Assess. Respond. Protect. From break-ins to basement flooding to broken bones, in the Emergency Survival Manual you’ll find everything you need to be prepared for any emergency that comes your way.
Who’s better suited to write a book about handling emergencies than an Emergency and Risk Management Consultant and the CEO of Mutual Aid Response Services (MARS). Joseph Pred is the go-to-guy for assessing and handling emergencies. When you combine his knowledge with that of the experts at Outdoor Life magazine what do you get? An epic book filled with lifesaving skills. This book also covers what to do before the first responders arrive...or if they never do.
Basic Tools & Skills: Everything you need to know to assess and start handling an emergency. From stocking a first aid kit and treating burns, cuts and broken bones, to protecting yourself when using pepper spray and performing CPR.
Home and Family Safety: Protect your house and keep you and your family safe. Learn how to deal with a lost child, handle house fires, public transit scares, car accidents, and help a sick or hurt pet.
Community Safety: All the ways to help your neighbors and keep your community safe. From what to do if you see a house being broken into and dealing with school tragedies, to coping with a major natural disaster and handling a toxic spill – and everything in between.
When disaster strikes you want to be ready, and you can be with the Emergency Survival Manual. With high-quality design, intricate detail, and a durable flexicover—this manual is the perfect gift!
|Product dimensions:||7.60(w) x 9.60(h) x 0.90(d)|
About the Author
Joseph Pred has been working in emergency response and management in various capacities since 1989. While focused on unusual risk and operational environments, such as festivals and events like Burning Man, Joseph's background includes emergency medical services, fire safety, law enforcement, communications, mental health, disaster preparedness, risk and emergency management. Joseph also contributes to various media and regularly speaks at conferences on matters of public safety, risk management, and temporary mass gatherings. "Outdoor Life" is "The Source for Hunting and Fishing Adventure." For over 110 years, "Outdoor Life" has provided hunting and shooting expertise to millions of avid sportsmen, and they have kept up with the times with frequent articles on the latest technology. Their readers' hands-on spirit is reflected in the magazine's comprehensive gear tests and personal adventure stories.
Outdoor Life is “The Source for Hunting and Fishing Adventure.” For over 110 years, Outdoor Life has provided hunting and shooting expertise to millions of avid sportsmen, and they have kept up with the times with frequent articles on the latest technology. Their readers’ hands-on spirit is reflected in the magazine’s comprehensive gear tests and personal adventure stories.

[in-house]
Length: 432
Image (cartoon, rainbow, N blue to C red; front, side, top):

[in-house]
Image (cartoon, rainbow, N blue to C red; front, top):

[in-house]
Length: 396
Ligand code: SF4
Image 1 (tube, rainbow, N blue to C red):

Read an Excerpt
TIP 164: KEEP YOUR HOME SECURE
“Each man’s home is his safest refuge.” This 17th-century English legal concept has been interpreted as meaning that you can exclude whomever you wish from your home. To deter criminals, you’ll want more than the law on your side.
BE ALARMED Install a burglar alarm with a mix of sensor types, including motion, shock (to detect windows being broken), smoke, heat, and contact sensors.
TAPE IT Install security cameras that record to cloud storage so you’ll have evidence if anything happens. You can even view your camera feeds via a smartphone app or Web page if you want to check in on your property remotely.
TRICK THEM You can buy phony alarm company stickers and even fake cameras (which come complete with red LED indicators). Burglars generally make a split-second decision as to whether a target is worth the trouble, so you really
LIGHT ’EM UP Install a set of motion sensor lights or bright floodlights outside so that no one can hide in the shadows or sneak up to your house.
PRETEND YOU’RE HOME Install timers that turn lights, TVs, and radios on and then off at preprogrammed times to make it appear that you’re home.
LOCK UP Don’t make it easy; lock all doors and windows when you leave your home. Make sure all entrance doors have a deadbolt lock to better secure against intrusion.
KEEP YOUR KEYS Avoid hiding a key outside; if you do, don’t hide it in a flowerpot or other obvious place a burglar might check. Consider asking a trusted neighbor to hold duplicate keys for you instead.
BAR THE DOOR If you have sliding glass doors or windows, install security bars or wooden dowels cut to fit into the tracks so that they can’t be popped open. Add decorative reinforcement or kick plates to any entrance door to strengthen it.
WATCH OUT Create or join a neighborhood watch program so that people in your neighborhood will help keep an eye on each other’s property.